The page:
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What is meant by scientific evidence, and how can a definition of this concept be applied in the sciences to determine whether observed facts constitute evidence that a given theory is true? In this book, Peter Achinstein proposes and defends several objective concepts of evidence. He then explores the question of whether a scientific method, such as that represented in the four "Rules for the Study of Natural Philosophy" that Isaac Newton invoked in proving his law of gravity, can be employed in demonstrating how the proposed definitions of evidence are to be applied to real scientific cases. In answering this question, he offers a new interpretation of Newton's controversial rules. Contrary to what many methodologists assume, whether the rules, so interpreted, can be used to determine whether observed phenomena provide evidence for a theory is an empirical question, not an a priori one. Finally, in order to deal with numerous cases in which evidence is insufficient to establish a theory, or where no theory is even available, Achinstein describes and defends three scientific methods proposed by the 19th century theoretical physicist James Clerk Maxwell, in the course of developing his electrical and molecular theories.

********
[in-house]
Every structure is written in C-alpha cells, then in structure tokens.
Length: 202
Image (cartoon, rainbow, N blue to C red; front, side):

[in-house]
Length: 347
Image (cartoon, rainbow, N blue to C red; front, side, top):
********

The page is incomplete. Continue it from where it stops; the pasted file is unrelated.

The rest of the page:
Peter Achinstein is Professor of Philosophy at Johns Hopkins University, Director of the Johns Hopkins Center for History and Philosophy of Science, and Jay and Jeannie Schottenstein University Professor at Yeshiva University. He is the author of six books in the philosophy of science, including Particles and Waves, which received the Lakatos Award in 1993. A festschrift in his honor, Philosophy of Science Matters: The Philosophy of Peter Achinstein was published by Oxford University Press in 2011.